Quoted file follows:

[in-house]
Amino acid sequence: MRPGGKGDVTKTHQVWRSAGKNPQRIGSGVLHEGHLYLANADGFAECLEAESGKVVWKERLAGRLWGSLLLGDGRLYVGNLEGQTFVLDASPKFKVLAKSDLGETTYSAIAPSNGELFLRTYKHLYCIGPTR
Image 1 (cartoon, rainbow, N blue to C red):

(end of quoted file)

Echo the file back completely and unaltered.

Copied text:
[in-house]
Amino acid sequence: MRPGGKGDVTKTHQVWRSAGKNPQRIGSGVLHEGHLYLANADGFAECLEAESGKVVWKERLAGRLWGSLLLGDGRLYVGNLEGQTFVLDASPKFKVLAKSDLGETTYSAIAPSNGELFLRTYKHLYCIGPTR
Image 1 (cartoon, rainbow, N blue to C red):